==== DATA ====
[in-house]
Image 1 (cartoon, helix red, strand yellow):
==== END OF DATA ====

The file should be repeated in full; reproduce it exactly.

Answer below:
[in-house]
Image 1 (cartoon, helix red, strand yellow):